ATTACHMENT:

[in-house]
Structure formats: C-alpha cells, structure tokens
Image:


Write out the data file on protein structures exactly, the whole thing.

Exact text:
[in-house]
Structure formats: C-alpha cells, structure tokens
Image: